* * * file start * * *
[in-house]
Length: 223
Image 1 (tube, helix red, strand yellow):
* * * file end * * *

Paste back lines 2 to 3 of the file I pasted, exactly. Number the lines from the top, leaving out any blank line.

Length: 223
Image 1 (tube, helix red, strand yellow):